The Guardian for Children and Young People’s 2021-22 Annual Report has revealed that South Australians are requesting advocacy for children and young people in state care at a higher rate than ever. This follows a trend that has seen requests for the Guardian’s assistance nearly triple over the last 10 years.
Importantly, one third of requests in 2021-22 came directly from children and young people, with nearly 4 in 5 living in residential care – a placement type where population numbers continue to grow. Consistent with previous years, the most common issue they raised was the safety and stability of their living arrangements.
“Simply put, many more children and young people in out-of-home care are asking for our help to make their time in care better, to make their time in care less confusing and to make their time in care safer,” Guardian for Children and Young People, Shona Reid, said.
The report highlights the rising number of children and young people entering care (4,738 as of 30 June 2022), coupled with staff recruitment and retention challenges, is placing a serious strain on the capacity of the child protection system to find placements that meet children and young people’s needs. This corresponds with the most common presenting issues to the Guardian’s office, that of safe and stable placements.
The annual report shows a growth in First Nations children and young people living in residential care (15.9% increase). This is double the rate of growth for the total child population in South Australia. The Guardian’s office also highlights continued and ongoing cultural support for First Nations children and young people is a key area for improvement when it comes to supporting and increasing the wellbeing of Aboriginal children and young people in care.
“We strongly welcome the Commissioner for Aboriginal Children and Young People’s inquiry into the application of the Aboriginal and Torres Strait Islander Placement Principle. We have concerns around how family scoping is occurring, how young people who want contact with their siblings and other family or community members are being supported to do this, and to what extent these matters are being prioritised in a system that is under significant pressure. Connection to culture is a protective factor and the fact that this is one of the most common enquiries made to my office by Aboriginal children emphasises its importance in growing up well,” Shona said.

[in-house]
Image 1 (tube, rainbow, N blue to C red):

“Some children and young people are telling us they feel unheard, unseen, and unsupported and this is devastating. I question if the system has been built for and around the children and young people who live within it. With the increasing number of young people coming into care every year, we need to rethink how we care for them, and look at the needs of each individual child. The system doesn’t work as a one size fits all,” Shona said.
“As I move further into my tenure and roll out the Child and Young Person’s Visitor Program, I look forward to hearing more from the children and young people who live within this system on a daily basis. My multiple responsibilities to both the child protection and the youth detention sector provides a rare opportunity to give un-siloed and informed commentary on the real impact for our most vulnerable citizens.”